Majority of people considers voodoo magic as something dark, negative or even diabolic. It is not such a strict division as between angels and demons in Christian religion. Console version. Haitian Vodou and sexual orientation. If the person has not behaved well and was angry the person will be again born as a human and begin a new life cycle. Art Cultural language relation to Christianity Sexual orientation.
During his stay, he bears witness to the castle's gruesome past coming to life before him, and falls in with a beautiful female ghost. An ex-Nazi mad scientist uses radio-controlled atomic-powered zombies in his quest to help an exiled American gangster return to power.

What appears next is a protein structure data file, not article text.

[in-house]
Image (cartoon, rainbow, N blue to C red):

When Ygor brings the Monster to Dr. Ludwig Frankenstein for care, Ludwig gets the idea of replacing the Monster's current criminal brain with a normal one. The sinister Dr Watt has an evil scheme going. He's kidnapping beautiful young women and turning them into mannequins to sell to local stores.
Fortunately for Dr Watt, Detective-Sergeant The body of a schoolgirl is found in a meadow. The murderer is never caught, and years later; a young man named Stefano returns to the island and is reunited with his brother, the local priest. Rocks from a meteor which grow when in contact with water threaten a sleepy Southwestern desert community. In 19th century Holland, a professor of fine arts and an unlicensed surgeon run a secret lab where the professor's ill daughter receives blood-transfusions from kidnapped female victims who posthumously become macabre art.